Prime Minister Narendra Modi was recently conferred the Order of Nile, Egypt's highest award by Egyptian President Abdel Fattah Al Sisi (Image courtesy: PIB)
Mohammed Soliman is a prominent strategist known for formulating the strategy and vision behind the I2U2 initiative and providing extensive analysis of India’s engagement in the Middle East. He additionally serves as a Director at the Middle East Institute, where he explores the intersection of technology, geopolitics, and business in the region.
A native of Cairo, Soliman has established himself as one of the most influential voices on US-Middle East relations, regional politics, and the role of the region in an era of great power competition. In this interview with Aditi Bhaduri he offers some insights on the recently-concluded and pathbreaking visit of Prime Minister Narendra Modi to Cairo.
How would you assess PM Modi’s visit to Cairo and the outcome?
Prime Minister Modi’s visit is profoundly significant, not only due to its rare occurrence after a hiatus of over two decades but also given its important role in shaping a new framework for Egypt-India bilateral relations in the post-Cold War era. This visit serves as a strong testament to the enduring bonds that link the peoples of India and Egypt, vividly illustrating the vibrancy and resilience of their interpersonal connections. Moreover, Modi’s presence at the illustrious Pyramids, in the company of the distinguished Egyptian Prime Minister, serves as a potent emblem, rekindling the profound historical and cultural affinities that have thrived between these venerable civilizations. Indeed, their relationship transcends the conventional boundaries of international politics, manifesting a profound entwining of shared cultural heritages. In this manner, the visit serves to fortify the very foundation of their bilateral relations while resolutely affirming the unwavering longevity of their historical and cultural ties.
There were expectations for some movement forward on the sale of Tejas light combat aircraft, helicopters, and missiles Egypt had evinced interest in. But that did not happen. Has Egypt rethought this interest?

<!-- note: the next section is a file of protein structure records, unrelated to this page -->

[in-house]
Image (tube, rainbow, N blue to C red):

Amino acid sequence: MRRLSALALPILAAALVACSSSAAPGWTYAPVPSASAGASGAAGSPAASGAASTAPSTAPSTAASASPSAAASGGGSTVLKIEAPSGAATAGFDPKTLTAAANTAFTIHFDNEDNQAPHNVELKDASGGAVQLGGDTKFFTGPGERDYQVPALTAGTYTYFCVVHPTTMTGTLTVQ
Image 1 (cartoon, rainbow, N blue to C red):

Defence deals involve intricate considerations spanning security, finance, and strategic implications, necessitating a lengthy timeline for finalization. Egypt is actively discussing with India’s Hindustan Aeronautics Limited (HAL) to secure a contract for 35 Tejas LCA Mk-1A aircraft for its armed forces. The deal includes aircraft delivery and comprehensive technology transfer to enable local production in Egypt. With its robust air force capabilities, Egypt proves to be a suitable partner for defense collaboration, offering an alternative avenue beyond Western, Chinese, and Russian options in technology and geopolitics.
The potential realization of the Tejas deal holds great significance, strengthening India-Egypt military ties and fostering an autonomous defense industry, particularly in aviation. Egypt’s expanding network of defense alliances in Africa positions it as a pivotal gateway for India’s growing defense capabilities, enabling access to key geopolitical markets. Africa presents a primary target for India’s advancement and an increased presence.
What are Egypt’s expectations from India? Why would an Egyptian-India relationship be exciting to Egyptians?
Egypt acknowledges the growing significance of India’s expanding influence in Asia and globally, both in terms of its economy and geopolitical standing. As a result, Delhi is positioned to become a crucial and strategic partner for Cairo. Egypt’s objective is to surpass Nigeria and establish itself as the largest economy in Africa, thereby consolidating its position on the continent and in the broader Mediterranean region. In this context, there is substantial potential for fostering trade and investment cooperation between India and Egypt. India’s expertise in sectors such as defense, technology, pharmaceuticals, agriculture, and renewable energy closely aligns with Egypt’s economic aspirations. Furthermore, Egypt’s advantageous geographic location also grants India access to key markets in the Middle East, Europe, and Africa, making it an ideal trading partner for Delhi.
Egypt has very close ties with China. How will it balance its relations with China vis-a-vis those with India?
Delhi recognizes Egypt as a crucial gateway to Africa, aligning with the perspectives of Beijing, Tokyo, and Seoul. Although Chinese companies have made significant investments in the Suez Canal zone, their dominance is not pervasive across all sectors. Additionally, Japan, Korea, and India possess their own economic interests and capabilities that can contribute to the transformation of the Suez Canal into a manufacturing hub, facilitating access to African markets and leveraging the benefits of the African Continental Free Trade Area. As the development of the Suez Canal zone advances and garners more funding, Indian companies have the potential to seize opportunities and actively participate in its growth – contingent upon the incentives provided by the Egyptian government. Notably, discussions are already underway between India and Egypt regarding the establishment of an Indian Zone in the Suez Canal. Cairo’s objective is to enhance the value of the Suez Canal by attracting investments from diverse sources and fostering international collaboration.